in 1905. Abraham Lincoln worked in both the 1856 and 1858 courthouses, as well
as in the Postville and Mt. Pulaski courthouses.
Macon County Courthouse
In 1838, Court was still being held in the log building that was under construction
on the square when the Lincoln's arrived in 1830. The reconstructed log courthouse
now stands at the Macon County Historical Museum. The building was an eighteen by
twenty-four foot one and a half story building that had a door on the north and one
on the south, with but a single room on each floor, which was heated by a single
fireplace. When it was sold following the construction of the second courthouse,
it was purchased by a local farmer, moved and then used as a house and then a barn.
In March of 1837 Leonides Munsell of Paris was selected to build the new brick
courthouse. The contract specified that it was to "be equal to or superior to the
McLean County courthouse." In fact Munsell built the courthouse in Bloomington in
1836 after building the courthouses of Paris and Shelbyville in 1832 and Charleston
in 1835. All of them were made of brick and of the coffee mill construction, square
with a cupola in the center. The Macon County courthouse was 32 feet square and was
built at a cost of $10,000. The first floor was offices with the courtroom on the
It is believed that Lincoln appeared for the last Circuit court session held in the
log building, as the new brick courthouse across the corner was nearing completion when
Lincoln arrived, but was running behind schedule and had not yet been completed.
Mason County Courthouse
Though only on the Eighth Judicial Circuit for about four years, this stop on the circuit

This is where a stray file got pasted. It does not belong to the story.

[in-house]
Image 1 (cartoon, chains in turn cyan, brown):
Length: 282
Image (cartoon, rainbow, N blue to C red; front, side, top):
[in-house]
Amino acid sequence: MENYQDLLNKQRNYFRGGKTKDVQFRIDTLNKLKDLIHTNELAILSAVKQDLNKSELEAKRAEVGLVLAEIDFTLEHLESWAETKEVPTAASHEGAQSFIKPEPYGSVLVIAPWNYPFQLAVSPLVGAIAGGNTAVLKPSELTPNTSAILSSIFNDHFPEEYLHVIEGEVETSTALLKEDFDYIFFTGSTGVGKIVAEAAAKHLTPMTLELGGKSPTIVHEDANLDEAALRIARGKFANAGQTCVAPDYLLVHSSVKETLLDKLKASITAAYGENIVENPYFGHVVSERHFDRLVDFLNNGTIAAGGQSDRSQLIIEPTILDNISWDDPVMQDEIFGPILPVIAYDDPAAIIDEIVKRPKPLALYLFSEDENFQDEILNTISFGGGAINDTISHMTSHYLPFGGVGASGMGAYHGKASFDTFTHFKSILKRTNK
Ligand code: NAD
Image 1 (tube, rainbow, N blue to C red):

was the county seat, as well, for roughly that amount of time. In April of 1841, voters
in Mason County elected their officials for the first time, as the county had only been
formed that January from parts of Tazewell and Menard Counties. The county seat at that
time, as had been designated by the Illinois State Legislature and approved by the
governor, was that the county seat rested in Havana, Illinois. This law saw that Mason
County residents were to meet at Havana on the first Monday in April, 1841, and proceeded
to elect a sheriff, treasurer, and other county officers.
Throughout this and all votes and politicking of the time, there were allegations on all
sides of rigging, cheating, and crimes involving the votes and from this an air of
hostility would cloud the county, when Havana was the victor. In fact, one story recounts
that upon discussion of the mill who would supply the timber for the courthouse, open
hostilities broke out and the mill was burned to the ground. The following May term of
court was held at Havana at the hotel of Major Ossian M. Ross, beginning November 12, 1841,
and while terrible snow storm prevailed at the time, Samuel H. Treat was the presiding
judge and court was held regardless.
Agitation between the two towns continued and on January 19, 1843 permission from the
Illinois State Legislature was given to hold a special county-wide vote where Bath the
received a majority of votes and was declared the county seat. Its inhabitants soon had
the satisfaction of seeing the archives of the county removed to their town. The June term
of the Circuit Court for 1844 was held at Bath, the previous June term having been held at
Havana, though currently taking place out of the home of one Colonel West.
Bath continued the county seat for eight years, but when the seat changed, the courthouse
(which cost an estimated $8000) was converted into a school. On February, 1851, legislation
was obtained by which another election was held on the second Monday of March, 1851, at
which the question was again brought before the people. The clerks of election opened two
columns, one "For Havana" and one "Against Removal." The election resulted in again making
Havana the county seat, which it has since continued to be. The last term of Circuit Court
held at Bath was in November, 1850.
In 1851, Mason County built the current courthouse, though it has undergone to many
remodels and upgrades to be even recognizable as the original structure.
McLean County Courthouse
The site of the McLean County History Museum was home to three previous courthouses
before the one that houses the museum was built in 1900. The first courthouse at the
site was built in 1832 and no images remain today.
Second courthouse was built in 1836 by Leander Munsell, who had also designed and
built the Edgar County Courthouse, was contracted by the McLean County